Russian President Vladimir Putin has kicked off the new school year by teaching a lesson himself. Ahead of upcoming elections, it could be an attempt to show the Kremlin hasn't lost control of young people.
The first of September is a day of celebrations in Russia. It's traditionally the first day of the new school year. Children come to school in their very best clothes, carrying bouquets of flowers for their teachers. The younger girls tie white ribbons in their intricately braided hair. The day is officially known as the day of knowledge, and pupils often have general lessons on values - like the importance of world peace - rather than subject-specific classes.
This year, Russian President Vladimir Putin himself gave such a lesson. Putin taught his lesson at a school in the city of Yaroslavl, but his "open lesson" was reportedly shown in other schools in cities across the country, as well as on social media. The broadcast also included talks from various Russian heads of business.
The first half an hour of the lesson was billed as his "main lecture" - Putin's big moment to speak directly to young people. He discussed Russia's future in business innovation and the country's place in the world and called upon the students to be "fundamentally better" than previous generations.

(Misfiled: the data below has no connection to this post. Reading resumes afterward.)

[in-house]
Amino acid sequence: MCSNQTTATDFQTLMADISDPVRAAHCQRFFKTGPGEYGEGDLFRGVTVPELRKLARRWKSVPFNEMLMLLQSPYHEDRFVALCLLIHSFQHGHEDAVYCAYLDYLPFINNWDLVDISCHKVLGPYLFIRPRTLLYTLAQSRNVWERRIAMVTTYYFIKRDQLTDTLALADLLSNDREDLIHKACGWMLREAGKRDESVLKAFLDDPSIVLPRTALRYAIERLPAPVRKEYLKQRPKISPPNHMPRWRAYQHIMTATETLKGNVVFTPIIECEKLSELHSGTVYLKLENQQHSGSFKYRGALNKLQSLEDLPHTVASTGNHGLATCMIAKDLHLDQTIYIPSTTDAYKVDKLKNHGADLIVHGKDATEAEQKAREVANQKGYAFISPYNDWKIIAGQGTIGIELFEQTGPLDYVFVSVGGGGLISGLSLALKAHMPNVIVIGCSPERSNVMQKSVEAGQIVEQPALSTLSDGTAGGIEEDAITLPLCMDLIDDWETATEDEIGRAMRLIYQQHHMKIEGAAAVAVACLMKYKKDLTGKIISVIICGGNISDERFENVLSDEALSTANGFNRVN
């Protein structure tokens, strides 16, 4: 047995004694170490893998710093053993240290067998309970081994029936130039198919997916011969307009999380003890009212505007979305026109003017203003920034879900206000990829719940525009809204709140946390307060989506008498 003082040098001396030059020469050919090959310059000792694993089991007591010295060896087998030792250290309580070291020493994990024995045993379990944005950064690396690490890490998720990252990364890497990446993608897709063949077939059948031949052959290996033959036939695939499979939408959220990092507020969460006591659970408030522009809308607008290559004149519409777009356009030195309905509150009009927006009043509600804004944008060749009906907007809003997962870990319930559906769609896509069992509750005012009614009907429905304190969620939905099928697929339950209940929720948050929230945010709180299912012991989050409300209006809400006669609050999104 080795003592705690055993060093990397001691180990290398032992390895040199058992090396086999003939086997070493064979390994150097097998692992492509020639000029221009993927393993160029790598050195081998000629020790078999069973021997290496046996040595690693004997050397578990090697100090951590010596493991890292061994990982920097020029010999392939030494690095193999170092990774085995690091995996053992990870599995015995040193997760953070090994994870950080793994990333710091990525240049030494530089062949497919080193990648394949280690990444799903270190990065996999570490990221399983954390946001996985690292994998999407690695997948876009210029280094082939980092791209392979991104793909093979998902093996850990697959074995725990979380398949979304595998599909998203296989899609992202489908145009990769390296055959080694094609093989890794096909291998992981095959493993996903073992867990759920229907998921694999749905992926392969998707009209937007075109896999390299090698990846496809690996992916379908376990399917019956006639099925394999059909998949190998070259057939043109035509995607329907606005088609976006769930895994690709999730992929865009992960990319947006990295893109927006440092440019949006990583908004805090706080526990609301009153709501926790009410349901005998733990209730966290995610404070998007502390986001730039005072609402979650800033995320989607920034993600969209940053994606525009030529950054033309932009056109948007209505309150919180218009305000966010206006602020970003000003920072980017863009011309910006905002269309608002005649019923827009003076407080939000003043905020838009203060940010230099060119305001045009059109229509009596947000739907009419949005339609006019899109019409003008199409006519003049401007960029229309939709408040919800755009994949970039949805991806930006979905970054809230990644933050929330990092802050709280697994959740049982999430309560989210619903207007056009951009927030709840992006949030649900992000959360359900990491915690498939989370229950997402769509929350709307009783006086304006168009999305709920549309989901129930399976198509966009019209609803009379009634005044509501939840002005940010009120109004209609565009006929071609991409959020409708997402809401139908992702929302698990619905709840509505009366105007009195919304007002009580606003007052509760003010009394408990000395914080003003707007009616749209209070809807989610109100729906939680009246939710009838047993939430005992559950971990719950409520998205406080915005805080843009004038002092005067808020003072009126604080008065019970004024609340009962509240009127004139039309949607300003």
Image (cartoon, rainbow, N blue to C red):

"Look at what's happening around the world. We always say that Russia is a large and great country. And this is true," Putin said as part of the lecture.
"There are certain countries that have a much bigger population than we do. There are certain countries that have modern technologies, much more effective than what we have."
"But there is this question - if we have been here for over 1,000 years and we have been developing successfully and getting stronger, this means we have something that makes us strong. This is, you may say, a nuclear reactor that Russian people have within - something that motivates them, something that drives them. They're passionate. This is what keeps us Russian people going."
'Historical significance of President Putin'
Putin has visited a school every year on September 1. But this visit comes just ahead of regional elections in September as well as the official launch of the presidential election campaign. The election itself is slated for March 2018. "Of course this is part of his campaign, there is no doubt about that," said Alexander Baunov, a senior fellow at the Carnegie Institute in Moscow, before the lecture took place.
Baunov pointed out Putin's tactic at public meetings and his annual call-in show has changed over his years in power. He used to use them to "show his effectiveness, the fact that he understands people's problems and can solve them effectively."
Baunov sees this event as part of a new trend. Putin has begun to use public meetings to allow the "people to understand the president himself - his historical significance, his [moral] rectitude, his views of the world." Usually it is personalities like cosmonauts, war veterans or well-known actors who teach lessons like the one Putin gave at the beginning of the school year, the analyst adds.
A push for Russia's young generation